Browse Prior Art Database

Homomorphic Memory Mapping in OS/2 to AIX Application Migration

IP.com Disclosure Number: IPCOM000114050D
Original Publication Date: 1994-Nov-01
Included in the Prior Art Database: 2005-Mar-27
Document File: 2 page(s) / 51K

Publishing Venue

IBM

Related People

Feldman, G: AUTHOR [+4]

Abstract

In order to provide seamless porting of OS/2* function into the AIX*/UNIX** environment, a algorithm is required to map OS/2 system calls into corresponding AIX calls. To eliminate any major modification to the original OS/2 code, a homomorphic memory mapping scheme is used. This memory mapping scheme provides transparent interfaces between OS/2 Control Program services and equivalent AIX services.

This text was extracted from an ASCII text file.
This is the abbreviated version, containing approximately 60% of the total text.

Homomorphic Memory Mapping in OS/2 to AIX Application Migration

      In order to provide seamless porting of OS/2* function into the
AIX*/UNIX** environment, a algorithm is required to map OS/2 system
calls into corresponding AIX calls.  To eliminate any major
modification to the original OS/2 code, a homomorphic memory mapping
scheme is used.  This memory mapping scheme provides transparent
interfaces between OS/2 Control Program services and equivalent AIX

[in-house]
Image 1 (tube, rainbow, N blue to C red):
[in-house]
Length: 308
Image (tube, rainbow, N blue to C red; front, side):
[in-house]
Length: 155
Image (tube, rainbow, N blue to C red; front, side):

services.

      The homomorphic memory mapping function maps OS/2 segments onto
AIX segments in a single AIX shared memory mapped file.  Each OS/2
segment is mapped on a 64K AIX boundary so that the high order 16
bits of the 32 bit AIX address can be returned as an OS/2 16 bit
selector.  A full 64 KB segment is allocated for each OS/2 segment,
regardless of the requested size.

      The base address for AIX memory mapped files is 0x3000000.
There are 0xFFF  64KB OS/2 segments in one AIX segment and there is a
one-to-one correspondence between memory pages and disk blocks.  The
memory mapped files are sparse which means they will not be allocated
until data is stored in the corresponding memory page.  This allows
AIX to better manage storage by not using it until the space is
really needed.  For example, an "ls -l" of the memory mapped file may
suggest the file is large.  A "du -s" gives its actual size in disk
blocks which will be smaller if the memory has not yet been used.

      AIX memory...